I’m not a die-hard fan of the Maccabees, despite my online demands to the editor to allow me to review this album, but I really loved their previous album, ‘Given to the Wild’, in 2012.
For those who don’t know me, which is probably all of you, I am a song man. I love songs; lyrics and melody are king and queen in my musical world. Usually when reviewing a record I delve into these and pick away at them way too much. However, Given to the Wild is an album that struck me right between the eyes and sunk in deep. To this day I have never felt any urge to pick at this album: it is beautiful.
So when I was sent the link to listen to their new album I approached it as nonchalantly as possible in the hopes it would love at first listen. I hadn’t listened to Given to the Wild for a good year and there was no additional information about the album supplied; a good start for a clean canvas. I first listened to it in my office through a powerful but unforgiving system, then the kitchen hi-fi, my laptop and final my studio speakers, so it’s had a fair airing. I try to listen passively and see how the music grabs me without me giving it my full attention. (At this point you’re probably thinking “stop wasting my time and tell me about the album” right?)
Well, it didn’t grab me. And I really wanted it to.
There’s nothing wrong with it, the songs are not a drastic departure from their previous material, so I’m getting what I expected but I’m also not. I gave the album a more attentive listening. The middle tracks started to stand out, River Song and Slow Sun in particular but still not quite there. It’s probably like sleeping with your lover’s sibling; familiar but not quite what you were expecting.
‘Marks To Prove It’ (the first track) is driving song in every sense. The insistent beats make me want to get in a car and drive. Fast. Through windy deserted roads. Kamakura brings the mood back down in the verse but when the chorus kicks in the vocals explodes (I’m changing down a gear and over taking some weekend driver). The chimes in the middle 8 bring a bit of class to the proceedings followed by an abrupt end (following my driving metaphor, I’ve hit parked lorry).
‘Ribbon Road’ changes the rhythm for a swagger while Orlando croons like only a British indie singer can. Although Spit It Out still, seemingly, keeps up this energy it doesn’t do it for me. I don’t know why, maybe it’s a little too predictable.Silence helps break up the album dynamically, bringing the mood down with a simple repetitive melody of a steady beat with those atmospheric sound FX’s I have come to expect from The Maccabees.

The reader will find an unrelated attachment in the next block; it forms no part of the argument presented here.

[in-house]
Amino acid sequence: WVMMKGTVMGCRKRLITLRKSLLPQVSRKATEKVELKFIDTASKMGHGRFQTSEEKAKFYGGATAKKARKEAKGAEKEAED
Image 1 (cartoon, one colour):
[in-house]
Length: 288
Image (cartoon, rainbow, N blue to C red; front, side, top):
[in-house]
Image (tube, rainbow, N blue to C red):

‘River Song’ has two significant factors, firstly being in ¾ is always a refreshing change (which is easy to get to grips with) and a fantastic eerie middle-eastern (or possibly plastic) sounding horn in the intro and then throughout various sections of the song. Personally I still feel the arrangement and production could have gone further.
Marks To Prove It by The Maccabees
‘Slow Sun’ starts with a beautiful lone trumpet (or similar) then the verse drops in with another swaggering rhythm on the guitar sliding into (what I would call the chorus) then dropping into a spacious post chorus simply repeating “That’s real love” with a female backing vocal added. I’m pretty sure this is my favourite song of the album.
‘Something Like Happiness’ snaps me back into the room with a big horn section backing up the chorus vocals from the start. This is interjected with the delicate verses; I really wanted the higher backing vocal to be higher in the mix at this point. WW1 Portraits is my favourite title. It starts off really pretty with percussion and vocal and builds up slowly over 90 seconds but apparently this is too long and subtle for me and I find myself distracted each time!
‘Pioneering Systems’ is another filler track for me (like Spit It Out but less energy). Dawn Chorus definitely feels like the last songs, it has a lamenting quality with the arpeggiated guitar layers, reverby trumpet, swelling horns and ghostly female vocals backing up the mantra “make it better”.
My feathers were still ruffled over not falling in love and I could no longer withstand listening in this isolated context. I returned to that previous album. It is still beautiful, even through crappy speakers.
So dug a little deeper (i.e. I did a Google search) and it’s a different production team. So I’m going to blame it on that. Not to say that the production is bad, because it isn’t, but Given to the Wild is just so god damn good.
In conclusion, this album is not Given to the Wild. Which may seem a ludicrous statement but I imagine a lot of people may feel the same as me. Real Maccabees fans will love it because it is undeniably a Maccabees album and does nothing wrong. I hope for me it will be a grower (those albums linger much longer in my heart) but I suspect I may end up scrutinising it first.
Reviewer: Chris Whiting